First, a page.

Face mask study reveals worst material for blocking COVID-19

A study published Friday tested how well 14 commonly available face masks blocked the emission of respiratory droplets as people were speaking.

Face mask study for COVID-19
Fischer et al.
  • The study tested the efficacy of popular types of face masks, including N95 respirators, bandanas, cotton-polypropylene masks, gaiters, and others.
  • The results showed that N95 respirators were most effective, while wearing a neck fleece (aka gaiter) actually produced more respiratory droplets than wearing no mask at all.
  • Certain types of homemade masks seem to be effective at blocking the spread of COVID-19.

Which face mask best protects against COVID-19? To find out, a team of researchers at Duke University recently conducted a simple experiment.

The team measured how well 14 popular face masks blocked respiratory droplets from exiting people's mouths while speaking. To measure the droplets, the researchers used "a black box, a laser, and a camera," Martin Fischer, one of the authors of the study, told CNN.

"The laser beam is expanded vertically to form a thin sheet of light, which we shine through slits on the left and right of the box."

Fischer et al.

A smartphone camera recorded video of the participants, and a computer algorithm counted the number of droplets they emitted. To establish a control trial, the participants spoke into the box both with and without a mask. And to make sure that the droplets weren't in fact dust from the masks, the team conducted more tests by "repeatedly puffing air from a bulb through the masks."

Face mask study for COVID-19

Fischer et al.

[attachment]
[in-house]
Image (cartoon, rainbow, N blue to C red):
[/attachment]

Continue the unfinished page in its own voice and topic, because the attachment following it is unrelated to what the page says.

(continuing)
The results, published Friday in Science Advances, showed that some masks are pretty much useless. In particular, neck fleeces (also called gaiters) actually produced more respiratory droplets compared to the control trial — likely because the fabric breaks down big droplets into smaller ones.

The top three most effective masks were N95 respirators, surgical masks, and polypropylene-cotton masks. Bandanas performed the worst, but were slightly better than wearing no mask at all.

Fischer et al.

Research on mask efficacy is still emerging. But the new results seem to generally align with prior tests. For example, a study from June published in Physics of Fluid found that bandanas (followed by folded handkerchiefs) were least effective at blocking respiratory droplets. That same study also found, as others have, that masks made from multiple layers of quilter's fabric were especially effective at blocking droplets.

The researchers hope other institutions will conduct similar experiments so the public can see how well different masks can block the spread of COVID-19.

"This is a very powerful visual tool to raise awareness that a very simple masks, like these homemade cotton masks, do really well to stop the majority of these respiratory droplets," Fischer told CNN. "Companies and manufacturers can set this up and test their mask designs before producing them, which would also be very useful."

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